Guide to the Research Collections



The growth of the American history collection in the New York Public Library started when Joseph Green Cogswell began to assemble books for the Astor Library, and when James Lenox turned to the collecting of Americana, a field in which he was to become preeminent. Lenox was interested in the discovery, exploration, and early colonization of America; he emphasized the rare and often costly books through which the New World was first introduced to the Old. Most of the books acquired by Lenox are now in the library's Rare Book Division.

The Astor Library, under the guidance of Cogswell, was intent on bringing together all of the books on the Americas which had value for historical research. When the Astor Library building was opened in 1854, historical materials constituted a quarter of the holdings; a larger space was assigned to this collection than to any other, with the intention of making it the most complete. It was already strong in the early Spanish writers, the voyages, and the accounts of the first settlements, but in the collection of more modern works there were serious deficiencies.

These deficiencies were largely overcome through the acquisition of the library of the American historian George Bancroft, which was particularly strong in eighteenth-century United States history, and the Ford collection, a vast library notable for its many United States pamphlets of the eighteenth and nineteenth centuries. The library has continued to build its American history collections by gift and by the systematic purchase of current material and older material as it becomes available. Most areas of the subject are collected comprehensively. Major exceptions to this policy are noted in the following discussions.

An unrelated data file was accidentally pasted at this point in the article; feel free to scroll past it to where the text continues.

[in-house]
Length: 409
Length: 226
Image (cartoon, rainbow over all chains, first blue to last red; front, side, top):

This large, well-rounded research collection reflects the development of the New World from the earliest times to the present. It is particularly strong in American Indian material, in pamphlets relating to political history, and in works dealing with discovery, exploration, and settlement. It also reflects the traditional concern of the library for ephemeral materials; the policy of book selection which gives emphasis to acquiring the old and the new; a belief that weeding would defeat the stated purposes of the collection; and a view of historical research which considers the history of British Columbia or Peru no less significant than that of the State of New York.

In 1961, G. K. Hall & Company published the Dictionary Catalog of the History of the Americas Collection, The New York Public Library in 28 volumes, reproducing 554,000 cards. The analytical cards are of particular importance, for the library early developed a useful reference aid by the indexing of important articles found in scholarly journals.